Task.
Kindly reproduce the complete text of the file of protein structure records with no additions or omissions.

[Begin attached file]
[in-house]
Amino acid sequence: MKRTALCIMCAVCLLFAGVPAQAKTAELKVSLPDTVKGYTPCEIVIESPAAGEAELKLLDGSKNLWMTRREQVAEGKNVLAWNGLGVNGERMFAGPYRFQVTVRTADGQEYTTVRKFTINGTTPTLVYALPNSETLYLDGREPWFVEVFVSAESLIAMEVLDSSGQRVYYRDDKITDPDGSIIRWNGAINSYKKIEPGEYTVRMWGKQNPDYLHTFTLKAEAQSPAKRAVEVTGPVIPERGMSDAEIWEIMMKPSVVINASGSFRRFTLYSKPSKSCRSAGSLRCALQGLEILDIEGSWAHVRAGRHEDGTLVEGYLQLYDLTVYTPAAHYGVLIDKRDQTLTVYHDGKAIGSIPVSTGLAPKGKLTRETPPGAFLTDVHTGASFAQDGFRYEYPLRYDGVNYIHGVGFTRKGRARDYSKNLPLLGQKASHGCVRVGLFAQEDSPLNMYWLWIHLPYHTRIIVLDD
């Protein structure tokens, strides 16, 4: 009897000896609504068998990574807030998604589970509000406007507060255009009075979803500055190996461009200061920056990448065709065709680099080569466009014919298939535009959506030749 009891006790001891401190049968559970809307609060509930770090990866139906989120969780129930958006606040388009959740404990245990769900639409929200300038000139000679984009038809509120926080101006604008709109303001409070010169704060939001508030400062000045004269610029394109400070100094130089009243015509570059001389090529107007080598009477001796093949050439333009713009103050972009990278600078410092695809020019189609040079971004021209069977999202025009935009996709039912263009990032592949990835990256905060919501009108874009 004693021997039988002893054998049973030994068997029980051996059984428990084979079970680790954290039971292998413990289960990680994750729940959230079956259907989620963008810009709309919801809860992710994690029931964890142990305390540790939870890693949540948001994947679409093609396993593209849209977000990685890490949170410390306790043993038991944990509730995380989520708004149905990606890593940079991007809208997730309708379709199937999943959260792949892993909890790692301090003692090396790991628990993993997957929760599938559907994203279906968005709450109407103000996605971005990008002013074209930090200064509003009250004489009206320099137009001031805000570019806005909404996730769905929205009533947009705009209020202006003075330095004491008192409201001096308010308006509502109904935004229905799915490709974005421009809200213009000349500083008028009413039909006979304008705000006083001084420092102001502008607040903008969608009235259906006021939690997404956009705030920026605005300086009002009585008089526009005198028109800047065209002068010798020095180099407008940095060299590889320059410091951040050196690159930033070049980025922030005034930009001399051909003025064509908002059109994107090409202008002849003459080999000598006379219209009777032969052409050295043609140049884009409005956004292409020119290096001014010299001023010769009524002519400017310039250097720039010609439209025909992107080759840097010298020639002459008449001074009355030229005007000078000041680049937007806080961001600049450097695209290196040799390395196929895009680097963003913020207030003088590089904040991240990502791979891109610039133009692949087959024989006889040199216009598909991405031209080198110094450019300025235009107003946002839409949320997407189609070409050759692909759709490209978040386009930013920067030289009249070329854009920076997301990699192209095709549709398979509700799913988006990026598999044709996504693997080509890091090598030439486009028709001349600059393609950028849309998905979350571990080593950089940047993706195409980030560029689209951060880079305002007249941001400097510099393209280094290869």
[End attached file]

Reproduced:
[in-house]
Amino acid sequence: MKRTALCIMCAVCLLFAGVPAQAKTAELKVSLPDTVKGYTPCEIVIESPAAGEAELKLLDGSKNLWMTRREQVAEGKNVLAWNGLGVNGERMFAGPYRFQVTVRTADGQEYTTVRKFTINGTTPTLVYALPNSETLYLDGREPWFVEVFVSAESLIAMEVLDSSGQRVYYRDDKITDPDGSIIRWNGAINSYKKIEPGEYTVRMWGKQNPDYLHTFTLKAEAQSPAKRAVEVTGPVIPERGMSDAEIWEIMMKPSVVINASGSFRRFTLYSKPSKSCRSAGSLRCALQGLEILDIEGSWAHVRAGRHEDGTLVEGYLQLYDLTVYTPAAHYGVLIDKRDQTLTVYHDGKAIGSIPVSTGLAPKGKLTRETPPGAFLTDVHTGASFAQDGFRYEYPLRYDGVNYIHGVGFTRKGRARDYSKNLPLLGQKASHGCVRVGLFAQEDSPLNMYWLWIHLPYHTRIIVLDD
């Protein structure tokens, strides 16, 4: 009897000896609504068998990574807030998604589970509000406007507060255009009075979803500055190996461009200061920056990448065709065709680099080569466009014919298939535009959506030749 009891006790001891401190049968559970809307609060509930770090990866139906989120969780129930958006606040388009959740404990245990769900639409929200300038000139000679984009038809509120926080101006604008709109303001409070010169704060939001508030400062000045004269610029394109400070100094130089009243015509570059001389090529107007080598009477001796093949050439333009713009103050972009990278600078410092695809020019189609040079971004021209069977999202025009935009996709039912263009990032592949990835990256905060919501009108874009 004693021997039988002893054998049973030994068997029980051996059984428990084979079970680790954290039971292998413990289960990680994750729940959230079956259907989620963008810009709309919801809860992710994690029931964890142990305390540790939870890693949540948001994947679409093609396993593209849209977000990685890490949170410390306790043993038991944990509730995380989520708004149905990606890593940079991007809208997730309708379709199937999943959260792949892993909890790692301090003692090396790991628990993993997957929760599938559907994203279906968005709450109407103000996605971005990008002013074209930090200064509003009250004489009206320099137009001031805000570019806005909404996730769905929205009533947009705009209020202006003075330095004491008192409201001096308010308006509502109904935004229905799915490709974005421009809200213009000349500083008028009413039909006979304008705000006083001084420092102001502008607040903008969608009235259906006021939690997404956009705030920026605005300086009002009585008089526009005198028109800047065209002068010798020095180099407008940095060299590889320059410091951040050196690159930033070049980025922030005034930009001399051909003025064509908002059109994107090409202008002849003459080999000598006379219209009777032969052409050295043609140049884009409005956004292409020119290096001014010299001023010769009524002519400017310039250097720039010609439209025909992107080759840097010298020639002459008449001074009355030229005007000078000041680049937007806080961001600049450097695209290196040799390395196929895009680097963003913020207030003088590089904040991240990502791979891109610039133009692949087959024989006889040199216009598909991405031209080198110094450019300025235009107003946002839409949320997407189609070409050759692909759709490209978040386009930013920067030289009249070329854009920076997301990699192209095709549709398979509700799913988006990026598999044709996504693997080509890091090598030439486009028709001349600059393609950028849309998905979350571990080593950089940047993706195409980030560029689209951060880079305002007249941001400097510099393209280094290869």